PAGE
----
It shouldn’t take a pandemic for us to reconsider the purpose of education. It didn’t take a pandemic for many of us to reconsider the purpose of education. Those of us who’ve been unhappy and sometimes apoplectic about the direction of travel over the past few decades have continuously called for the abolition of SATs, of the anachronistic GCSEs, and of performance tables that have driven many schools to teach to the tests and exams and thereby reduce their practices and their aims of education to the most narrow and restrictive paradigm.
We’ve also been calling for governments – Labour, Coalition and Tory – to do the right thing and make PSHE and Relationships Education (and learning about wellbeing) compulsory across all schools. Relationships Education is at last going to be statutory in September 2020, and it’s far too late. Damage has been done. The training has not happened. The children and young people of this generation have even more trials, tribulations and traumas to deal with on account of the pandemic.
We’re not saying that PSHE lessons would have been the entire answer to managing our emotions and feelings during this epidemic, but it sure as hell would have helped.
Shame on all those who flunked the opportunity to mandate for such changes. Shame on those who led children and young people to believe that “standards” and high-stakes exams were the “be-all and end-all” of education.
They weren’t. Exams, testing, Ofsted gradings and judgements were not/are NOT the be-all and end-all of education.
And now we have an opportunity to redress the balance and progress with a more profound set of aims for education that are meaningful for the 21st not the 20th or 19th centuries.
A superb article in the Guardian, written by Niamh Sweeney – a health and social care teacher at Cambridge Sixth Form College – outlines very clearly our collective need to reinvent an education system that’s fit for purpose post Covid-19.
Schools Must Never Return to Normal
“When we come out of social distancing and isolation, children and young people and their families will need help to manage mental health, self-esteem, friendships and relationships.
Education will need to change, too. We cannot simply return to the status quo.”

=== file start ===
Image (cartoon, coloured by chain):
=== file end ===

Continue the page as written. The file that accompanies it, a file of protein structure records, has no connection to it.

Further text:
“When we go back to school everything will be different – and it must be different. We need to ask ourselves the fundamental question: what is the purpose of education?
When the time is right we, the profession, the experts, must start formulating the answer. We must be ready to enter a new reality of an education system that values the professional judgment of teachers and leaders.”
She’s right but we must start planning for this now, not when the schools re-open. We have to consider this before the Department of Education re-imposes its worn-out dogmatism – its approach to schools, children and learning that is all too frequently created by those who have never done a day’s teaching in their lives.
“We cannot continue to have a system that has nearly 3,000 children with special educational needs and disabilities lacking a permanent school place. We cannot continue to have an exam system that leaves a third of pupils labelled as failures.
The use of education as an ideological and political football that fails the most vulnerable must end. We cannot continue with a toxic exam system that is based on rote learning and an out-of-date curriculum chosen by whoever happens to be the education secretary, and an exam system that has been responsible for a dramatic rise in child and adolescent mental health illness.”
It’s time for the government to trust the experts, and not just a chosen few who still advocate, believe in and support a 19th century version of education. Their days and their education philosophy were outdated before they even gained legal status – even more so now.
Other countries, like Finland, New Zealand, Canada and Singapore for example, have been showing us the way for decades – modelling an emphasis on learning rather than teaching to tests, clearly demonstrating that exams are not required with the grim and relentless regularity we have in this country.
Here are just a few of our previous posts on subjects relating to this that emphasise how we and others have been considering a re-invention of education for a considerable amount of time.
A 3Di model for learning
Teaching and Learning beyond exams
Tony Little, former Headmaster of Eton on abolishing GCSEs
The purpose of education
Singapore’s model for education
The CBI’s view of a core skills based education system
The Rights of the Child
The biggest question now is how do we come together in some way – in conjunction with the National Education Union and other drivers of a more progressive education – to ensure that we have a model of education that empowers, unites and fulfils the needs of our children and young people now.